Advertisements

A View to a Kill

Book Review: THUNDERBOOK (John Rain)

What is there left to say about James Bond 007? The world’s most legendary spy has been written about for almost sixty years since Ian Fleming’s 1950’s/60’s novels exploded onto the cinema screen in 1962’s Dr. No, analysing every facet of the character’s escapades, his place in the wider scope of history, through to the technique behind his many movies. 

Thunderbook, however, might be the first text to freely take the piss out of each and every one of Bond’s (to date) 24 missions.

Advertisements

Blu-Ray Review: THE DOGS OF WAR (1980)

Adaptations of Frederick Forsyth novels quite possibly peaked too soon with 1975’s The Day of the Jackal, arguably the thriller writer’s most renowned work, far more so than The Dogs of War.

In some ways it feels unfair to compare the two, given they tread different geopolitical waters, but you always know what you’re getting with a Forsyth story. A global travelogue, international espionage and intrigue, a shady hero (or anti-hero) and lots of old, powerful men plotting conspiracies behind closed doors. John Irvin’s adaptation of The Dogs of War is right in that wheelhouse and does exactly what it says on the Forsyth tin, often indeed in a rather formulaic and forgettable way. Even the initial Shakespearean allusions and a flicker of post-The Deer Hunter psychological trauma for Christopher Walken’s central mercenary James Shannon isn’t really sustained as The Dogs of War descends into the muck and mire of shadowy corruption.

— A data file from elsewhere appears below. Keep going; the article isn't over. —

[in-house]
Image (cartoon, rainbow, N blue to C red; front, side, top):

Ultimately, The Dogs of War as a piece doesn’t quite warrant the pedigree of those who have assembled before it in front of and behind the camera.

From Wars to Who: our favourite franchises are evolving – why can’t their fans evolve with them?

An unexpected comparison can be drawn this holiday season between two of the biggest science-fiction franchises – Doctor Who and Star Wars. In both Peter Capaldi’s final turn as the Doctor in ‘Twice Upon a Time’ and Rian Johnson’s sequel The Last Jedi, central characters openly advocate rejecting both their pasts, and indeed intertextually the pasts of their product’s own history. The Doctor, an old man on the verge of rejecting a new lifespan, ‘let’s go’ of his incarnation while The Last Jedi‘s ostensible villain, Kylo Ren, just about avoids fratricide as he advocates killing his own past, killing his own history and letting it die (and by default the known galaxy) to create something new.

In both examples, you have two long-standing, iconic storytelling franchises, both with powerful, ingrained and dedicated fanbases, actively attempting to jettison aspects which made them adored in the first place. And, indeed, in both cases, the fandom of both properties have lost their minds in desperately rejecting this rejection. I won’t rake over my earlier thoughts about the current state of fandom, but it gives birth to another question – why can’t fans let go of the past?